This was written by Rob Hyman and Eric Bazilian, who founded The Hooters. It is filled with biblical images and created some controversy. Hyman told us: "I think the spirituality of it wasn't premeditated. I think everyone is a spiritual person in whatever they believe or not. There was no real agenda on our part. I know it got banned on several stations, which interested us - there were some Christian stations that refused to play it. There were articles - we never understood the controversy that much, but it stimulated activity. For a writer, that's the best thing you can do."
The Hooters included this song on Amore, an independent album they released in 1983. Around the same time, Cyndi Lauper's first album came out, which Hyman and Bazilian had worked on. Columbia Records took notice and signed the band soon after, releasing this as their first single. The version released by Columbia was slowed down, with instrumental sections added to make the song almost 6 minutes long.
Hyman: "That may have been the fastest song Eric and I ever wrote that was of any quality. We've written some quick songs, but that one stayed with us. That one we literally did write in one night. We like to call it the '10 minute song,' I think it was more like a couple hours, but we did bang it out in one night."
In our talk with Eric Bazilian, he explained: "This is spooky. When we first wrote the song, the first lyric that came out of someone's mouth, I think it was Rob's, was 'All you people hide your faces, all you people in the street.' We wrote a song based around that, and the next day we came in and Rob and I decided it needed a better word than 'People.' The word that came out of Rob's mouth was 'Zombies.' There was something familiar about it to me. I thought about it, and it wasn't for another year or 2 that I realized that was the title of a Robert Heilman story which I had read in 7th grade. It was a really bizarre story. Rob had never read a science fiction book in his life. It took me years to find a copy of the book because it was out of print. By the way, it had nothing to do with the song."
Hyman: "We launched into this kind of biblical world with Moses and Noah and all of the imagery which was the obvious, basic stuff that you read and hear about, whether it's in The Bible or in movies, and just combining those kind of icons and images with this reggae beat, which is something I was always very much into."
Hyman and Bazilian liked this song, but thought is was way too quirky to be a hit. They considered it a throwaway song, and played it in clubs early in their sets when most people weren't paying attention. They didn't realize people liked the song until they did a live concert for radio station WMMR in Philadelphia. When they played this, the phones lit up and the station got flooded with requests for it. They released a vinyl 45 of the WMMR performance to satisfy the demand.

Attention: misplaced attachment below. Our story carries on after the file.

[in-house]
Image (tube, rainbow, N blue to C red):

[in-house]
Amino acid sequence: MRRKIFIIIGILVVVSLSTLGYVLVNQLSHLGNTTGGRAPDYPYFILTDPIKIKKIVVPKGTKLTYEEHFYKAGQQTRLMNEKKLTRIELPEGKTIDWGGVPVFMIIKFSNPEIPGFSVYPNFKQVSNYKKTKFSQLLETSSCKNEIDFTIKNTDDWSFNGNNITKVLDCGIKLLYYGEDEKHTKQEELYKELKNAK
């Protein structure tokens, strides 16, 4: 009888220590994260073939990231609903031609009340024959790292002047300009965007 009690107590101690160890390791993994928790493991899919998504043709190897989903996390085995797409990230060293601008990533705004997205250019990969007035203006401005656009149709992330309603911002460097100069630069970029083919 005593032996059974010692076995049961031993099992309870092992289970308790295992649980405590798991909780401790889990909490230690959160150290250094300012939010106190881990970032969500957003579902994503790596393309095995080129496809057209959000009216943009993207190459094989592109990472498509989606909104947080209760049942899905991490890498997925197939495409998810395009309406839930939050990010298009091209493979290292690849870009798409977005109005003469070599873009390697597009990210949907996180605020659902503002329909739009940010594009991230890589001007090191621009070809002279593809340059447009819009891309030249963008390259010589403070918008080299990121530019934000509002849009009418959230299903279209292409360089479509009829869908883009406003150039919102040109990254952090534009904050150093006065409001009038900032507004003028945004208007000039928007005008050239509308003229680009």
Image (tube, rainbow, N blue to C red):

The Hooters played this on the Philadelphia stage of Live Aid in 1985. They were from the area and given the slot opening the concert after the introduction ceremonies and a performance by Joan Baez. Over 100,000 people attended the show while another concert was held in London. Proceeds from Live Aid went to famine relief in Africa.
Hyman: "To this day, it probably is the song that people ask us about the most, they want to know what it's about, they want to know the intent and the meaning, and it just happened. We didn't think about it, it wasn't discussed, it wasn't premeditated. It just came out of us. The lyrics are very intriguing. Some songs are just like that, you never quite know what they're about and if it's put together in the right way, they can be wonderful experiences. I love songs like that, you just listen and every time you hear it you kind of wonder what's going on."
Hyman and Bazilian went on to work with Joan Osborne on her album Relish, with Eric writing the hit "One Of Us," which also contained some religious themes. They have worked with many other artists as well, including Dar Williams, Ricky Martin and Jon Bon Jovi. (Thanks to Rob and Eric for speaking with us about this song. Their websites are www.robhyman.com and www.ericbazilian.com.)
Dave from New York, NyI just love how the bible-thick religious people try and deny a blatant challenge to their faith system by trying to point out some kind of support for their ego-driven delusions in some less important part of the text. My very favorite is when you flood the discussion with reams of quotes, as if you thought you could obscure the challenge by burying it with the tripe which supports your fantasies. None of this changes the meaning of this song's final verse, and it sure doesn't answer it!
Darrell from Franklin, TnDoes anyone here know if there is any connection between this song and the Robert Longo sculpture All You Zombies: Truth Before God?